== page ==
Muhammad Ali in Ghana

Twenty-sixteen has been a rough year for Black celebs. Natalie Cole, Maurice White, Denise Matthews, Phife Dawg, Afeni Shakur, Prince, and now Muhammad Ali have all passed on. But for those legends who have managed to “crossover” to become mainstream icons, one thing continues to be said about their life: they transcended race.

Almost as soon as Prince died, folks rushed to discus how his music broke boundaries and defied classification. And while it might have been difficult to assign a badass musician who loved heels and flamboyant clothes into a specific genre, Prince was never anything but Black. Despite his need to keep his private like ultra private, Prince regularly engaged with Black media, he regularly mentored up and coming Black musicians, and he supported Black causes like the Black Lives Matter movement. Still, after he died writers, pundits, and commentators claimed Prince” transcended” race, as if he could somehow outgrow his Black skin.

Now, many are saying Muhammad Ali–the same many who refused to fight in the Vietnam War because ‘no VietCong ever called [him] a nigger–has also “transcended race.”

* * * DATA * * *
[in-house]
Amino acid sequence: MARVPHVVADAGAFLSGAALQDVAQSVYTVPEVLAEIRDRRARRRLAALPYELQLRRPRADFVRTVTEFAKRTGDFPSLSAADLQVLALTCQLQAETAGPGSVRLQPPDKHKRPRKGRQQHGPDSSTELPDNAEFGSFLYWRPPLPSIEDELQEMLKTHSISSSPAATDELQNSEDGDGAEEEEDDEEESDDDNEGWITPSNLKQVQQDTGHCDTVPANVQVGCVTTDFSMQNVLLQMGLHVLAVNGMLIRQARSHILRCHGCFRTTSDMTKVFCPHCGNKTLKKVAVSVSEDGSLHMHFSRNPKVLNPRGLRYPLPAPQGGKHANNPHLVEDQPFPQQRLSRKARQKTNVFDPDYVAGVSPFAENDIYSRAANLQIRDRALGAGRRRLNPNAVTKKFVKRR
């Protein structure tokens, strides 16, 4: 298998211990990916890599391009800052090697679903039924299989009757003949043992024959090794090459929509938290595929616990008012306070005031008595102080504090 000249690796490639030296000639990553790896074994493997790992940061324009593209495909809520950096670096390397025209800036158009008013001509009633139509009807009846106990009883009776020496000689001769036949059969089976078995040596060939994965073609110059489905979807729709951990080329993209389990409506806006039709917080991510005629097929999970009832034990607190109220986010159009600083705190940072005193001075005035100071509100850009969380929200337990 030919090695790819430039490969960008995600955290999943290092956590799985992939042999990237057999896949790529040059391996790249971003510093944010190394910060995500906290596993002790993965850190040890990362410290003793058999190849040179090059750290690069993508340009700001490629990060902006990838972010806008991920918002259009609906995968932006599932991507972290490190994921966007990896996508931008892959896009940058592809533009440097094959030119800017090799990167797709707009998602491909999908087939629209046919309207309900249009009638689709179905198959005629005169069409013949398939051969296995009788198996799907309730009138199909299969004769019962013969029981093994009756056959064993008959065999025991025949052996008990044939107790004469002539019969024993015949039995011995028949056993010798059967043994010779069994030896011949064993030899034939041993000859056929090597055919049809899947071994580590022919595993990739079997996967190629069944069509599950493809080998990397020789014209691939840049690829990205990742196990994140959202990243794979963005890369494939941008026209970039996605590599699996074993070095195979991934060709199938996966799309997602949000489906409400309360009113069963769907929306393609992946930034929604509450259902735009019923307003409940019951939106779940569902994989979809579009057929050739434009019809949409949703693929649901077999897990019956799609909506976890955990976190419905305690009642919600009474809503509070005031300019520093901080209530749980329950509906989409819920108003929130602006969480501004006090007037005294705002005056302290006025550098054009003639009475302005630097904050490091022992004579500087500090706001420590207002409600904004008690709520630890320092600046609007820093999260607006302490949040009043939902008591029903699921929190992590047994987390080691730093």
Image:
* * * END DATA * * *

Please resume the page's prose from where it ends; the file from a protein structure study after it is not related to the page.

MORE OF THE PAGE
Considering Ali was outspoken, not only about his religion and his opposition to things like the war, but he was also extremely pro-Black and spoke–often–about empowering his community.

His defiance, his constant proclamations about his “beauty,” and his willingness to speak out against America’s racism made Ali a controversial figure. Like Malcolm X, who introduced Ali to Islam, it took decades before Ali became a mainstream hero and not just a brash, bold Black man.

“I came back to Louisville after the Olympics with my shiny gold medal. Went into a luncheonette where Black folks couldn’t eat. Thought I’d put them on the spot. I sat down and asked for a meal. The Olympic champion wearing his gold medal. They said, ‘We don’t serve niggers here.’ I said, ‘That’s okay, I don’t eat ’em.’ But they put me out in the street. So I went down to the river, the Ohio River, and threw my gold medal in it.” – Muhammad Ali

Ali’s unconditional love for Black folks aside, if people were actually able to transcend race, then more white folks would be doing it. But funny enough, that hasn’t happened yet.

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